Wolff Springs


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webfox
April 12, 2011, 10:58 PM
Been practicing with A-Zoom snap caps and my 44SS4. The double action draw is tiring even after I practice for a short while... 50 shots or so. I've heard a lot about Wolff springs making it more enjoyable to shoot DA.

I've had some light strikes with my revolver during local competition doing double action.

My question is: "What makes the DA draw lighter the hammer spring or the trigger spring?"

I'm thinking lighter hammer spring will give me more light strikes. If the trigger spring makes it all the easier to go DA, I'd be much happier with replacing that alone.

Or am I wrong? Will a lighter trigger spring help, but not really alleviate the heavy draw back?

Thanks for your advice. I always appreciate your experiences.

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Drail
April 13, 2011, 12:08 AM
While the springs are part of the solution to a heavy trigger the parts in the actions that move against each other play a large part in trigger pull. Some gun designs use geometry that results in less mechanical advantage over the hammer cocking and there's not a lot to be done on them. The first thing to do is tear it down and look for and eliminate burrs and rough machined surfaces with a stone. Don't remove a lot of metal, just get all of the high spots flat and reasonably smooth. Don't touch the hammer hooks and sear surfaces unless you have the proper jigs and knowledge to maintain the correct angles. On a S&W action any change in angles or DA sear letout will cause major problems. Reducing the hammer spring will usually give more percieved reduction in pull weight but going too light will result in some brands of cartridges not firing. It also causes the hammer to fall slower (increased lock time) which gives you more time to pull the sights off the target before the gun actually fires. Lightening the trigger return spring will also lighten the DA pull weight but at the cost of slowing down the trigger's return to the forward position. Guns with a too light return spring make you wait for the trigger to keep up with your finger in DA shooting. Jerry Miculek actually likes heavier than stock springs so the gun can keep up with his finger. He can also crush walnuts in his hands. It's all about compromise. On a range only gun you can go pretty light but on a carry gun it's much better to learn to deal with a little heavier pull and know that the thing will fire EVERY time. If you buy a spring kit there are usually 3 trigger return springs. Use the middle weight and see what you think. The best thing is to build up the muscles in your hands and the gun will seem to be easier to shoot. Using a frame size and grips that fit your hands and smoothing the edges of the trigger help a lot also. I personally love N frame S&Ws but they are just a tad large for my hand size. An K or L frame is about perfect for most folks. On a range gun if you use only Federal primers and seat them to the bottom of the pocket you can go ridiculously light on the action and get 100% reliability. Stick any other brand in it and it will start misfiring.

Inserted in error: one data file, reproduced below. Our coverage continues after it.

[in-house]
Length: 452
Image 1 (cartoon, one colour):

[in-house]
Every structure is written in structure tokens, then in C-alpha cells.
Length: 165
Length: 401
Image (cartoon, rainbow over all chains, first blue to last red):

webfox
April 13, 2011, 04:37 PM
That was a great explanation. Thanks!

Drail
April 13, 2011, 06:27 PM
You're very welcome.

rainbowbob
April 13, 2011, 06:55 PM
On the other hand...

...I just got my S&W Model 36 back from a genuine S&W EXPERT gunsmith: John Treakle in Port Angeles, WA.

I asked him to clean up the insides (I don't think it had ever been opened up) and smooth and lighten the trigger. He sent it back with the original hammer and trigger springs in a bag - but I'm not sure what he replaced them with.

All I know is that my M36 is now one of the smoothest sweetest triggers I've ever experienced! Not so easy to do with a J frame snubby. The trigger weight is only slightly lighter, but it's as smooth as butter. If he can do that to an M36 - I can't wait to see what he does with my M19.

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